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ILS approach and other panels


cowbananas
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I was wondering, as a novice with a fair understanding of flight, if it has a noticeable effect if you use, for example, a Boeing 737 panel with a Caravelle. I'm using freeware aircraft in FSX (not SE), mainly the 707, Caravelle, DC-8, Trident 1E, Comet 4C, VC10 and Il-62 and Tu-154.

 

I ask because I have been trying to create a series of about forty landings with different aircraft for a short film I'm working on using FSX and I found it a lot easier to just copy the same panel (737-400) into each aircraft as time is somewhat of a constraint.

 

The main thing I've noticed is that ILS approach seems very much hit or miss and I'm thinking that this might be the cause. I know how to use ILS so I start the approach about two minutes before intercepting the glide slope from slightly below but sometimes the aircraft will just nose dive or climb as if the signal wasn't there. Speed is not the issue as I've done my homework there,usually about 145 to 165 kts depending on the manuals. Weight is also well within limits with about 20% of remaining fuel, flaps on full and gear down.

 

I've also noticed that certain switches such as the auto throttle or F/D are often non responsive in certain aircraft.

I guess many will say, it's an aircraft, learn to use each correct panel and that's fair enough but I'm approaching this whole project from the film making angle and don't really have the time to get too in depth. For many of the aircraft, I've managed to land on the centreline of the runway which is all I'm trying to achieve.

 

So, basically, how crucial is the panel to the aircraft if it comes from another source?

 

Thank you for reading. Any advice is much appreciated as I'm running out of time for this project.

 

Chris

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I'm not entirely sure why the panel would misbehave in the different plane other than perhaps an incompatibility with the plane's air file and/or aircraft.cfg file.

 

All the gauges should work since the panel.cfg pulls the gauges from the gauge folder and is universal between all planes that use the panel.

 

As a test to see if I'm right about the air file and aircraft.cfg file, first copy and paste the two files you have in that plane to the desktop as a backup. Now replace them with the air and aircraft.cfg files from the 737 in your 707 or what ever. Both planes are relatively similar to each other so there should be little if no effect on the models used. Just make sure that when you're done you replace the air and aircraft.cfg files back to normal.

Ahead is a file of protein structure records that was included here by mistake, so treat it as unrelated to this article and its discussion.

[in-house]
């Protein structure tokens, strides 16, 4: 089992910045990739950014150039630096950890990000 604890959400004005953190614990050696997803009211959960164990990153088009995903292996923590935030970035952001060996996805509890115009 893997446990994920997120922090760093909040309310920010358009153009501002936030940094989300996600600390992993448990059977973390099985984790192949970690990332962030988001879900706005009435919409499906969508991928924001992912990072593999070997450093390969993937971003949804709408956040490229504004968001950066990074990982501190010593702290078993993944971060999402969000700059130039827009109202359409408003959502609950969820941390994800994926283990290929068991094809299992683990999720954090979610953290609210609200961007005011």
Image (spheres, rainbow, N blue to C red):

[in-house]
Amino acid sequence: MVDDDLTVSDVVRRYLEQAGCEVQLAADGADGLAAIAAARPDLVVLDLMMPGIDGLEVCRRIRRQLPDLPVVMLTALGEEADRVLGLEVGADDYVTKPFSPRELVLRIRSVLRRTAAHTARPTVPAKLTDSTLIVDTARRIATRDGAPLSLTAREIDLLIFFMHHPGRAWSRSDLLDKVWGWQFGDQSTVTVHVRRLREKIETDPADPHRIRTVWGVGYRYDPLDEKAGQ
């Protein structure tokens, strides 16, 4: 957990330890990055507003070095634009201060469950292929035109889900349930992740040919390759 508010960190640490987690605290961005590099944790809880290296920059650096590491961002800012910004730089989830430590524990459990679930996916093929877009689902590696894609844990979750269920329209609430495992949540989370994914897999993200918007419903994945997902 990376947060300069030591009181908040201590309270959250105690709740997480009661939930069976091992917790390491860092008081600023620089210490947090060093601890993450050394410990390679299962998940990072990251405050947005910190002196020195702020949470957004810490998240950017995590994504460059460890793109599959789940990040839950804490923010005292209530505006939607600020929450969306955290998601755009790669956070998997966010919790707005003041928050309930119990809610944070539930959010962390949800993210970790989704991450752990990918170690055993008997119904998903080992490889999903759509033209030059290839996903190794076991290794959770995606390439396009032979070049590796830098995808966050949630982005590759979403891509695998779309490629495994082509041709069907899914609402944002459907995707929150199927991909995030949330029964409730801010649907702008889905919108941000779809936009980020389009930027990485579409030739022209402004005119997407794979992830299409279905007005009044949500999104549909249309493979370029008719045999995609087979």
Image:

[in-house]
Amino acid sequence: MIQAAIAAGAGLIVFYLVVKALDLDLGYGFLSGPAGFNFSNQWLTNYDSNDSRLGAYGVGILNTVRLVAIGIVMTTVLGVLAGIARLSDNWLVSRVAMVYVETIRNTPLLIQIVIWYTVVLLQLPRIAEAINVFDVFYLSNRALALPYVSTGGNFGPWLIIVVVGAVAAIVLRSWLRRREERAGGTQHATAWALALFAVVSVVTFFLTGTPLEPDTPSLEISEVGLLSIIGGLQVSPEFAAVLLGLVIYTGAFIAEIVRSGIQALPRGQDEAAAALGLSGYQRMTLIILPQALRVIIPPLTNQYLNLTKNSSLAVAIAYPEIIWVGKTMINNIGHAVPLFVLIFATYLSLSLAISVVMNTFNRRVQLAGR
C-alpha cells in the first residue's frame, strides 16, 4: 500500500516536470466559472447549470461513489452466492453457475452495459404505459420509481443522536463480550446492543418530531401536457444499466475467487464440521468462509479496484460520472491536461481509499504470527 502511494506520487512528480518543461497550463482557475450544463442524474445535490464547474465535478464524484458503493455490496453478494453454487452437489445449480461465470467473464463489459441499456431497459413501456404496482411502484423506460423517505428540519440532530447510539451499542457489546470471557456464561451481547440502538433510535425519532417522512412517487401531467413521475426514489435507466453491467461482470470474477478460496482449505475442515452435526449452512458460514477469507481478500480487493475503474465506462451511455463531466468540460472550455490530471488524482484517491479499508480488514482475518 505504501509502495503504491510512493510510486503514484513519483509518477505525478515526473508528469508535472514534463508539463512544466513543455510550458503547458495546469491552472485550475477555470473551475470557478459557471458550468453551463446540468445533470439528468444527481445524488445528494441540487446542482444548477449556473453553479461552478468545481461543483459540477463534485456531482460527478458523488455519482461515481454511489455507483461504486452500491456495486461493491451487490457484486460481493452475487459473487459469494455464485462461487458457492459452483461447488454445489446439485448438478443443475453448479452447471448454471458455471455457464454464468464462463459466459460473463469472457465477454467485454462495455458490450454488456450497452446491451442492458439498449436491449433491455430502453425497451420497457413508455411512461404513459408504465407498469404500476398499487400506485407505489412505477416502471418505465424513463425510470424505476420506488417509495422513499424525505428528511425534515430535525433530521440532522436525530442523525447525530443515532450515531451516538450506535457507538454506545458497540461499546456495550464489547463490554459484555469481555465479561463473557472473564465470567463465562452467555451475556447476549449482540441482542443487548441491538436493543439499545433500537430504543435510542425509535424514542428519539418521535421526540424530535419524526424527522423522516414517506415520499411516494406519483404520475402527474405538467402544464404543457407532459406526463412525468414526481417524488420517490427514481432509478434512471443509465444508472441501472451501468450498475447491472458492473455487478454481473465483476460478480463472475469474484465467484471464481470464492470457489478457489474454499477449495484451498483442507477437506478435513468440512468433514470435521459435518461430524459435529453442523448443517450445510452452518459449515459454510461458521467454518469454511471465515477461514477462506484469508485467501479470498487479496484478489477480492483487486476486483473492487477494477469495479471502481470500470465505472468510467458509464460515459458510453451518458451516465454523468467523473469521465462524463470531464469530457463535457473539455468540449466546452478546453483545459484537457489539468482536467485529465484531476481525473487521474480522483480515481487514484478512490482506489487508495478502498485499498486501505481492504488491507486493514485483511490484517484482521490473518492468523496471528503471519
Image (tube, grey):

Come to think of it. Start with just the air file replacement. The aircraft.cfg will mess up the lights position and you would have to hand edit the correct coordinates back into the aircraft.cfg replacement. Not too hard, but do note that will be the case.

Edited by CRJ_simpilot
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Your panels have no - ZERO - NADA - effect on flight characteristics....

 

It's actually the other way round. The panel gauges are set up according to the flight characteristics.

For example: the default 737 panel gauge has 7 extension positions, other aircraft may only have 4 or 5. Therefore the 737 panel flaps will only appear to be half-extended when the actual aircraft's flaps are fully extended. Other gauges will also be giving incorrect readings, resulting in the "hit or miss" ILS approaches the OP is experiencing.

Edited by tiger1962

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Thanks for all your advice, I've had a long look at the .cfg files and will have to learn to understand what it all means. That I will do so I can proceed the way I need to.

The .air files...I need to get the utility that will open up the data.

It sounds pretty daunting but I'll have a go; nothing ventured, as they say!

You wouldn't want to be a passenger on my plane....

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Look here: http://msdn.microsoft.com/en-us/library/cc526949.aspx#mozTocId38401

 

I think the small program to edit an air file is called Aired. You may not need to mess with it though, Just drop it into the 707, etc. Just make sure you have backups.

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